What to Know About Dysphoric Milk Ejection Reflex (D-MER)

Mother Breastfeeding Baby

Do you feel sad upon let-down when pumping or breastfeeding? You may have D-MER.

You've heard about the benefits of breastfeeding (from the antibody boost for baby to the oxytocin surge for mom, as well as the bonding enhancement for the mother-infant dyad but nursing, albeit natural, does not come easily for many moms. Most often, these challenges stem from trouble latching to managing milk supply. While lactation classes and counselors can help to overcome these challenges, there is one often overlooked & underdiagnosed condition that is not as easily resolved with traditional lactation support and tools. It’s called D-MER, Dysphoric Milk Ejection Reflex.

What is D-MER?

Dysphoric Milk Ejection Reflex, also called D-MER, is a condition that affects 10% of new moms. It is characterized by a massive surge of negative emotions just before let-down or milk ejection. Rather than the typical mood boost that comes with let-down from the release of oxytocin, moms are filled with dread, panic, and even nausea.

Although it is not conclusive, some research suggests this happens as a result of a drop in dopamine when milk is ejected. It is thought to be a physiological reflex rather than a psychological response and differs from postpartum depression.

How Does D-MER Present in New Moms?

Here are a few of the most common symptoms of D-MER in new moms:

  • A rush of negative emotions just before let-down (i.e. when milk is released), lasting a few minutes and up to 10 minutes.
  • Because it happens during let-down, it happens during breastfeeding & pumping.
  • Feelings are characterized by restlessness, general unease, sadness, anxiety, panic, anger, or agitation.
  • For some women, it happens with every milk release, whereas with others it’s just for some feedings.
  • D-MER tends to be strongest during the initial breastfeeding period, however, some moms experience it during the entirety of their breastfeeding/pumping journeys.

While the negative surge associated with D-MER is temporary and intense, there are often longer-term consequences on a new mom’s mental and emotional well-being. Feelings of guilt, inadequacy, and shame can persist throughout (and even beyond) the breastfeeding period. Below, you can hear from a patient who suffered from D-MER after the birth of her two sons.

How Can You & Your Hospital Care Team Support New Moms?

Currently, there is no treatment for D-MER, and without the right support, many D-MER sufferers wean early as it is the only way to eliminate all symptoms of D-MER. However, there are some easy but impactful things that a new mom can do to mitigate and soothe her D-MER symptoms.

  • Know that D-MER is a real diagnosis. Many mothers report that they are able to tolerate the symptoms of D-MER – and evidence suggests they are less likely to wean prematurely – when they understand that it is not their fault, but rather a physiological response they have no control over. Consider talking to a lactation consultant about your feeding experience or reaching out to D-MER support groups on social media so that you feel less alone.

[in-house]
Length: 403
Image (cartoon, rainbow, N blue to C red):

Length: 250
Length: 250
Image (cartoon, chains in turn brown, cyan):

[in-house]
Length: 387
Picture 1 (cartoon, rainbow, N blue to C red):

• Engage in self-care techniques to use during pumping/ nursing. While a diagnosis is found to be the most helpful first step for D-MER sufferers, moms with the condition have shared that the following has helped them find emotional relief and cope during the intense negative surge while nursing or pumping:
    • Practicing Deep Breathing
    • Engaging in Visualization Techniques
    • Listening to Relaxing Music
    • Meditating
    • Soaking Feet in Warm Water

For others, sharing their experience with others or journaling can be therapeutic.

A Story Worth Hearing: From a Patient with D-MER

Claire experienced D-MER after the birth of each of her two sons. She shares what the experience was like, how she coped, and how it still impacts her today, even after weaning both boys.

“Even though the physical sensation of sadness passes, your memory of that persists... It was really helpful to hear that other women were struggling with breastfeeding. There’s so much power in knowing you’re not alone. It reduces the shame.” – Claire, Mother with D-MER.

To hear more of Claire’s story, download the Canopie app here or visit canopie.app with FREE access using the code DMER. Canopie is a digital app that offers evidence-based, personalized programs for expecting and new moms to soothe anxious minds, reduce stress, and boost mood.

About the Author

Anne Wanlund, Co-Founder & CEO of Canopie

Anne is a maternal mental health advocate and mom of a spunky toddler. Canopie’s signature programs use clinically-validated techniques to make calmer, healthier, and more resilient moms in just twelve days. 

Information provided in blogs should not be used as a substitute for medical care or consultation.